TypeScript's Powerful Type Inference with Conditional Types and String Literals

Matías Hernández
Matías Hernández
TypeScript's Powerful Type Inference with Conditional Types and String Literals

Let's explore how you can use Typescript’s conditional types and template literals to create type algorithms.

In the last article, we laid the groundwork by:

  • creating type annotations for your function arguments and return types
  • using native utility types to perform type transformations to accommodate your personal requirements
  • got a handle of Typescript Generics.

It's time to go to the next level!

By the end, you'll be well on your way to writing your own powerful branching logic on the type-level.

Let's get started.

Why would you want to write algorithms in the type level?

Every programming language was built to create solutions by using different algorithms, and Typescript is no different in that regard. The only difference is that the code you write only affects the type level (build time), helping you to check the safety of your code.

So, creating type algorithms can help you increase the type safety and accommodate your code to more complex requirements.

What type of algorithms can you write?

The most basic algorithm you can write is code branching. This is, using conditional blocks to allow the data flows to one or other situation based on certain conditions; you know, the old-good if-else block.

The TypeScript type system is Turing Complete and therefore it also implements code branching strategies, but in a slightly different way.

What does Turing completeness mean?

In general terms: a language or system that is capable of solving any computable problem given enough time and space. Typescript is able to do this, so you can implement solutions to any problem.

Typescript Conditional Types

The code branching strategy in Typescript is known as Conditional Types this is, you will define a type whos value depends on some calculation.

TypeScript’s Conditional Types are what is used for code branching. They are a type whose value is determined by a calculation:

type ConditionalType = SomeType extends BaseType ? true : false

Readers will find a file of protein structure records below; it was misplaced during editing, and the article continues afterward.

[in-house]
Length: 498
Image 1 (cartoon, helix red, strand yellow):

The syntax can be confusing, but it is actually quite similar to a concept you may already be familiar with from the JavaScript world: the Ternary Operator.

The above example can be read as "If Condition then return true, return false otherwise". The Condition part is what often trips up newcomers, as it is somewhat strange.

Every conditional type uses the extends keyword to implement the condition side of the ternary operator. In this case, SomeType extends BaseType can be read as Is SomeType assignable to BaseType.

We previously discussed the behavior of the extends keyword in a previous article in this series, so be sure to review it!

Learn the Key Concepts of TypeScript’s Powerful Generic and Mapped Types

The type system is actually based on mathematical concepts. You can represent the idea of one type being assignable to another as a concentric circles diagram.


If the type used on the left-hand side of the extends keyword "belongs" to or is a "subset" of the type used on the right-hand side, then the condition is deemed true and the first branch of the conditional type is returned.

Let's create a simple conditional type that will check if a string have the shape of an URL:

import type { Equal, Expect } from '@type-challenges/utils'
const str1 = "<https://matiashernandez.dev>"
const str2 = "htpss://not-valid-url"
type IsUrl<Url extends string> = Url extends `https://${string}.${string}` ? Url : `${Url} is not a valid URL String`

Check the Typescript playground to play around

In this example you can see how the power of conditional types is unleashed when is used in combination with Generics and other Typescript features like string literal manipulation.

The above example can be read as the following:

  • IsUrl is a "type function" that accepts a Generic parameter named Url.
  • Condition: Does Url "match" (is assignable to ) the described string literal?
  • The string literal side: The right side of the condition is a string literal "shape" that describes how a URL string looks. Start with https:// followed by any string, then a dot followed by any string.
  • If the Condition passes then "return" the Url
  • If the Condition does not pass, then "return" an error message.

This type can be used to check if a string literal matches the format of a URL string, such as in the following example:

function parseUrl<Url extends string>(url: IsUrl<Url>) {
parseUrl(str1) // OK